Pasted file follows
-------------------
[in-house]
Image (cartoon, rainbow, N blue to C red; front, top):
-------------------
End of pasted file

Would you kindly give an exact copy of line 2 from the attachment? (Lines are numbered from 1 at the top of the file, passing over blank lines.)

Image (cartoon, rainbow, N blue to C red; front, top):